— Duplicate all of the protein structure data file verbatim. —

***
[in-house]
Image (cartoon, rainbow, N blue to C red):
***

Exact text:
[in-house]
Image (cartoon, rainbow, N blue to C red):